|01-09-2003 10:34 AM|
|striblue||Great Job Sean..can't wait to see more from you.|
|01-09-2003 06:12 AM|
That fly will definitely fish well, a fine tribute to a truly great tyer.
Imagine a principal from Forks WA earning such respect and admiration from the whole fly tying world! In the Bates book, my favorite color plates in the whole book are those from Glasso.
Awesome job Sean, tie me up a dozen for my next visit
|01-08-2003 11:33 PM|
Well done Sean!
Looks great! Anything we do to keep Syd's legacy alive in the Northwest is a treasure to us all.
|01-07-2003 03:59 PM|
Awesome. Thanks for the tips. Since this was my first real try I was hoping to get some feedback. I really appreciate it.
I am fond of the nickel hooks. I like the fact you can skip the tinsel underbody. One less thing to worry about and it does improve the tying time. Plus I am a sucker for anything silver.
Having trouble locating the stretch nylon you mention. Will try another shop this weekend.
Thanks again and will be posting some more in the coming weeks as I work on refining my technique.
|01-07-2003 03:33 PM|
Use a smaller neck feather for the wings, it will have a marked improvement in the lay of the wing and the streamlined effect a spey fly should have. A smaller feather (the small ones at the very top of the neck are best) will help you to produce a smaller head because the stem is finer. Also, the wing should be shorter, gbarely longer than the body of the fly.
An another tip is to strip off half of the teal feather before tying it in. this allows you to make two or three full turns of the teal without having too much of it. This had the added bonus of having less bulk at the tie off point of the teal; thus, also helping to produce a smaller head.
A floss with a more true orange color should be used, it looks like you used "flame orange". The best floss I have found for this fly is UNI Orange Strecth Nylon.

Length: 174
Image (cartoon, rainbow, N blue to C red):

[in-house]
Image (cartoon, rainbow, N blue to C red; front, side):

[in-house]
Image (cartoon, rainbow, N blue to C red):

The body should start in front of the hook point on a spey fly. If you ever get the chance to see a Glasso tied fly or see a copy of Knox's book "Autumns on the Spey", you will readily see that the tags and bodies are started in front of the hook point by about the with of the barb. This allows you to have the classic "hump-shaped wing" of the spey fly. It was Dee flies that started the bodies above the hook point.
Lastly, the ribbing was changed by Glasso in the mid-60's to simply 5 turns of medium oval silver tinsel with no flat tinsel beside it.
Overall, this is not a bad fly. You are well on the way to tying very nice speys. Glad to see you used the nickel Aleck Jackson Spey Hook on it. Not needing to tie in an underbody of silver tinsel makes tying the fly easier and quicker without detracting from it at all.
|01-06-2003 12:49 PM|
Looks nice will be tying some speys soon, but mini speys.
|01-05-2003 09:44 PM|
Honeymoon's Over! :>) Sean is back.
Just kidding; keep the honeymoon going and you'll have a long happy marriage. She's the greatest gift you could every get; 'handle with care.' More years ago than you've been around, an old fellow gave me a great bit of advise: "Take turns loosing your sense of humor." Not your turn: appoligize. Period. End of lesson.
A ps: Joan and I have been together for 20 years ... that's after I had a marrage of well over 20 years. I think about her at the office and still crack a grin. Maybe why I call her the "JoanMeister." Has this 'Old Pony' well tethered.
By the way:
|01-05-2003 09:35 PM|
Glasso Orange Heron
Ok, think I finally managed to get an OK picture (will keep trying to get a better pic in the next few days).
Finally got my hands on some blue eared pheasant and thought I would try an orange heron. Promised myself to learn how tie speys this winter and I am slowly getting it. Still working on getting a small head on the fly. One of these days...
Hook: Nickel Alec Jackson Spey
Rib: Flat silver tinsel counter ribbed with small oval tinsel
Hackle: Blue Eared pheasant
Wing: Four hot orange hackle tips